2009 Orange Bowl

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2009 FedEx Orange Bowl
BCS Bowl Game
75th Orange Bowl
White shield bearing the FedEx and Orange Bowl logos. Below it is a ribbon inscribed with 1935 and 2009, separated by a white 75.
Orange Bowl 75th Anniversary logo
1 2 3 4 Total
Cincinnati 7 0 0 0 7
Virginia Tech 0 10 3 7 20
Date January 1, 2009
Season 2008
Stadium Dolphin Stadium
Location Miami Gardens, Florida
MVP RB Darren Evans (Va. Tech)
Favorite Cincinnati by 2 12
National anthem Arturo Sandoval
Referee John O'Neill (Big Ten Conference)
Halftime show The Doobie Brothers
Attendance 57,821[nb 1]
Payout US$17–18 million per team
United States TV coverage
Network FOX
Announcers: Thom Brennaman, Charles Davis, Chris Myers
Nielsen ratings 5.4
Orange Bowl
 < 2008  2010

The 2009 FedEx Orange Bowl was the 75th edition of the annual American college football bowl game known as the Orange Bowl. It pitted the 2008 Atlantic Coast Conference (ACC) champion Virginia Tech Hokies against the Big East Conference champion Cincinnati Bearcats on January 1, 2009, at Dolphin Stadium in Miami Gardens, Florida. Virginia Tech defeated Cincinnati, 20–7. The game was the second contest in the 2008–2009 Bowl Championship Series (BCS) of the 2008 NCAA Division I FBS football season and was the concluding game of the season for both teams. The game was televised in the United States on FOX, and an estimated 9.3 million viewers watched the broadcast live.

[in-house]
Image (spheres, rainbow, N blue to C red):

Virginia Tech was selected to participate in the Orange Bowl after a 9–4 season that culminated in a 30–12 victory in the 2008 ACC Championship Game. Cincinnati was selected as the other half of the matchup after an 11–2 season that ended with a 29–24 win against Hawaii. In the weeks between the teams' selection and the playing of the game, media attention focused on the nature of Cincinnati's first BCS game appearance and Virginia Tech's attempt to win its first BCS game since 1995. Attention also focused on Cincinnati's proficient offense and Virginia Tech's highly rated defense.